It’s not clear how much the companies and other buyers stand to gain over the life of the deal, but it could be as much as $275 million over the $300 million they’d have to pay in cash up front, figures from the governor’s office suggest.
These Georgia Environmental Facilities Authority loans are a major source of financing for government infrastructure projects across the state. Perdue has promised loans still would be available, albeit in amounts akin to 2005 levels instead of the higher amounts of more recent years.
But many outside the administration are concerned that selling off a revolving source of funding for a one-time cash infusion will devastate the program and force more local governments into the more expensive private borrowing market.
That means Wall Street bankers and “very expensive bond attorneys,” said Todd Edwards, who focuses on these issues for the Association County Commissioners of Georgia, a group that works with county governments.
“The bottom line: This means higher (borrowing) prices for local governments, taxpayers and rate payers,” Edwards said.
Harbin said House budget writers aren’t rejecting the GEFA proposal outright, but they are “going to ask some tough questions” about it.
But, as with the hospital tax proposal, Perdue’s office said the governor has tried to choose the best of a lot of bad options. Packaging the GEFA loans would net the state nearly $300 million for fiscal 2011. The hospital tax would bring in an estimated $345 million more, plus the 3-to-1 match in federal dollars, pushing its full impact over $1 billion.
Education spending makes up 57 percent of the state budget. How, Brantley asked, do you cut hundreds of millions from the budget without seriously impacting that?
Democrats would like to see the state do a better job of collecting sales taxes, possibly by allowing local governments to take over some of the process and certainly by merging state databases with local business license records to better catch scofflaws. Those ideas seem to be gaining steam among the Republican majority at the Capitol, and proponents believe it could net the state hundreds of millions in the coming year.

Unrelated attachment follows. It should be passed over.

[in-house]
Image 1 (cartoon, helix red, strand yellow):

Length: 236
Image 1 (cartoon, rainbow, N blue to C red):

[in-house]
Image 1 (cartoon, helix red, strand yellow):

But no one can be certain how much that actually would raise or how fast.
Teachers, who are planning on furlough days in the coming months and increases in class sizes, just want the bleeding to stop, Jeff Hubbard, president of the Georgia Association of Educators, said Wednesday.
Hubbard called on legislators to bring in new revenue, despite the Republican majority’s repeated mantra that raising taxes in a struggling economy is the worst thing government can do.
Hubbard said his organization wants to see a new half-cent sales tax for education, and he doesn’t care what it’s charged on.
“It could be hotels, it could be rental cars ... they could do it in conjunction with the tobacco tax,” he said.
“(The education budget) is not even hemorrhaging,” he said. “It’s not even bleeding. I would call (this tax) a tourniquet.”
To contact writer Travis Fain, call 361-2702.